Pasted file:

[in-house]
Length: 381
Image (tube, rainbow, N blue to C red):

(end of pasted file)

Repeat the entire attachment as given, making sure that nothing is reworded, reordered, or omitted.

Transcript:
[in-house]
Length: 381
Image (tube, rainbow, N blue to C red):